Concerning Bucks and Bacchanal

Kei Miller

It was two weeks after Carnival was done and dusted away that the buck appeared. And I think that was bad manners. Or at least bad timing. But maybe good timing and manners is not something to be expected of ghoulish beings. The point is, Carnival was done and people say life had already come back to normal. Everything had come back, including the Christians who had gone to Tobago to hide out, and including Trinidad itself that had gone wherever it is that entire countries go – cause sometimes it could feel like that, like the island itself had just packed up and gone along with the Christians, and along with good behaviour, gone off somewhere to hunker down and keep safe during the Carnival week.

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Three Strikes

Maelynn Seymour-Major

I am sitting
having coffee
across from a man
who says

You’re lucky
to be from Barbados:                                                           strike one

The Bahamas
I gently correct                                                          

To swim in the sea 
whenever you want 
to eat fresh seafood
to live in such a tropical paradise
it must be like vacation every day:                                    strike two

He says this with excitement
as he imagines that if this coffee-date goes well
he will spend summers with me
running along the shore 
holding hands
heads thrown back as we laugh 
at some unknown joke

I think if this date goes well
and he makes it to home
meets my mother
who will have him hang curtains 
in her family room because of his height

He will watch the news
with my father 
hear the litany of jooking
shooting raping 
and wonder where is that story sold

He will come eat conch salad 
and truth be told
he has already said he is not culinarily adventurous
so he won’t like it
and I won’t like that:                             strike three, imagined but no less real. 

Maelynn began writing poetry about the flowers in her grammy’s garden. Her poetry is still heavily influenced by nature, but she also writes about Caribbean and/or Black experiences of love. Maelynn has an MA in Poetic Practice from Royal Holloway, University of London. She has taught Creative Writing at the University of The Bahamas as an Adjunct Lecturer. She experiments with book-arts, is an avid reader, and loves her dog Violet. 

Nausea & Nostalgia

Jessica Knight

Mek me tell unu a ting or dozen bout naming. Plenty Jamaican people dem know di first time dem get name it be one Christen-time name, when dem done born, so dat di official birth certificate get to certify di good intention ah di baby mada (and fada if di baby be blessed). Next, baby grow up and get one living-time name dat stick wid dem until dem done dead-off. Come funeral-time and is customary to return to dem dere Christening-time name fi di funeral pamphlet, and fi di death certificate.

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Berkshire Road, Coordinates Unknown

Yashika Graham

They do not call the place Puss Hole like the people do,
but a government name, a through-road clogged with shops 
and gravel passes leading to zinc roof illusions amid the trees.
They do not call it an avenue, not a way, but a gorge 
in the hill where yards rife with sharp rock, grow concrete 
verandas on board flats and haul brown tarp over their faces.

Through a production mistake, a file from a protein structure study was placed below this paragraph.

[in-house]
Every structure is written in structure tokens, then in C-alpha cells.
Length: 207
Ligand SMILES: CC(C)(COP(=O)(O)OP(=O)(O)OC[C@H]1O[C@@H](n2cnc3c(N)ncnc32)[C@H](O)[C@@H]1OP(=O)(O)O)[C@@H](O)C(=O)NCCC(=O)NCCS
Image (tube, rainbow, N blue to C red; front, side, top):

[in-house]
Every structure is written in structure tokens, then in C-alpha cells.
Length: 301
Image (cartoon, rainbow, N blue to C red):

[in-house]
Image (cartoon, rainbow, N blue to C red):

When Berkshire makes the news, it is set in Bethel Town,
9 miles south of itself, where a woman can be 44 and also 48,
her name: Grace. They say her son was quiet, didn’t mention his name
showed a photo of her older child, graduation day.
The news man dodging dogs and tree limbs wants to know 
where he is. He writes what the welcome sign says
and sets the clamoring scene closer to coast. He says Grace
of the green hills lived in a town, maybe with sidewalks,
a police station, names for its streets. Not up there, ‘roun so. Not here.
The crowd converged on the main wants to know why a son, 
13 years in the afterbirth, would summon his mother’s blood again,
rinse the knife and in the middle road, blame his hand on the deep night.

Caribbean Postcard from Fort Worden

My teacher says occupy any seat in the schoolhouse.
I pretend to be under bronze Madrona, near brick castle.

She walks the room issuing postcards 
of tigers, birds, places towering over water. 

For me, a lighthouse card with sparks of reds, whites, ocean 
coming in and I think I spot my land in the undergrowth.

Teacher says, rip your card and I do not. The graying 
woman who borrowed my pencil bites her bird.

Tell me what it feels like, my teacher says, and one man with a tiger’s eye 
in his left hand says he thought of old faces, overgrown with ivy, rusting.

I fold, wary of losing another place, allowing the column of white to mask 
the lilies, the sea grapes, saving the tower as evidence of something inland. 

But I fold again and fracture the stone, consume the sea. 
Again, my teacher says, and my island goes white under me.

Yashika Graham is a Jamaican writer, visual artist and student of Literatures in English at the University of the West Indies. Her poems have been published regionally and internationally including  in The Caribbean Writer, POUI, Spillway magazine, Cordite Review, Moko magazine and Jamaica Journal

Burial Rites

Randy Baker

My Uncle Delroy had passed away back in Jamaica and, no matter how much I disliked funerals, I was duty bound to go home and pay my respects. As the years ticked by like the hands on a clock, there were fewer old folks left to die and fewer reasons to visit the country of my youth. Delroy was my father’s brother. Daddy had passed on several years ago. Uncle Delroy was the last of his generation on that side of my family, but Mama was still living and if I didn’t show up for the funeral, it would be a community scandal. 

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